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Local murderer dies in prison

Local murderer dies in prison

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Scott Richardson

BLOOMINGTON - Bob McElvaney remembers a night four decades ago when his late father, Bernard, a former Bloomington police chief, came home with FBI agent Art Woods.

They opened a couple of beers and talked about how a lead tying Jesse Donald Sumner to the slaying of a Danville man had led them to a landfill near Stanford, where Sumner lived. There, they discovered the man's body in a 55-gallon drum, where it had been for about a year.

"I remember specifically they talked about how they couldn't get the stench out," McElvaney, 57, of Bloomington said after being told of Sumner's death behind bars.

The Illinois Department of Corrections confirmed Wednesday that Sumner, who eventually was convicted of killing four people, including three women from Normal, died of natural causes on Dec. 4 after an extended illness at Stateville Correctional Center in Joliet. He was 68.

Death was likely the only way Sumner would ever have been freed. Sumner's projected release date was October 2065, said Jorge Mendes, chairman of the Illinois Prisoner Review Board. Over the years, Sumner was denied parole eight times on his latest convictions in the murders of two Illinois State University coeds and a Normal waitress.

"I thought he was dead already," mused McElvaney, whose father died in 1993. "I hadn't heard about him for years."

Sumner was once a notorious figure in McLean County.

The former Stanford man first made headlines in 1964 when he was convicted of slashing the throat of Herschell Williams, 40, of Danville who disappeared while awaiting trial with Sumner in the 1963 holdup of a Bloomington credit union. The robbers had escaped the scene, but a license number on the getaway car led police to Williams.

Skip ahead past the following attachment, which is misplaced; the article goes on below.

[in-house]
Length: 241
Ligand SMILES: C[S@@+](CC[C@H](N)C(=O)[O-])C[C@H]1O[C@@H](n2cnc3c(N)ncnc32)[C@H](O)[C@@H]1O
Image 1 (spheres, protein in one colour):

McElvaney was able to coax Williams to confess. He then named Sumner as his accomplice.

After the pair was allowed to post bond pending trail, only Sumner appeared at scheduled court appearances. A year later, a man in the military returned home, heard about Williams' disappearance and told authorities he helped Sumner dispose of two drums at the landfill.

Sumner was convicted of Williams' murder. But, the conviction was overturned on appeal, leading to a guilty plea to the lesser charge of manslaughter. Sumner was paroled in 1972, a short prison term for a slaying, Mendes said.

"We didn't hold people as long (as now)," he said.

Dan Leifel, a retired lawyer from Country Insurance & Financial Services, was an assistant state's attorney under the late McLean County State's Attorney Paul Welch when Sumner surfaced again. Circumstantial evidence led investigators to suspect he was connected to the killings of the three women from Normal.

Leifel handled a preliminary hearing that upheld charges against Sumner's mother for concealing evidence in the homicides. She then provided information that led to the grim discovery of a body in the dirt floor of Sumner's garage in Stanford. Two of the others were found in ditches shortly after they disappeared.

Sumner eventually was convicted of murder in the deaths of ISU students Coreen Burchie and Dawn Huwe and waitress Rae Ann Schneider. He was given a 50- to 100 year sentence in one of the slayings and concurrent 100- to 200-year terms in the others.

"He struck me as basically the quintessential loner, a disconnected type," said Leifel. "I'm not sorry to see him go. ?|no love lost there."

Sumner wasn't done. In 1988, he escaped during a routine trip from prison in Joliet to a hearing aid center. He used a homemade gun to take four people hostage and steal a pickup truck.

He was soon captured, charged with armed violence, unlawful use of weapons by a felon and escape and sentenced to an added 30-year term.

His last parole hearing was held in October 2004. The parole board denied his request.

Though inmates have the right to apply for parole every year, in his case the board took the unusual step to tell Sumner not to bother to ask for another hearing for three years, which is the maximum time the board can demand between hearings. When asked why that requirement was imposed, Mendes said the members of the parole board had all read Sumner's criminal history, Mendes said.

"It's an ugly file," he said.


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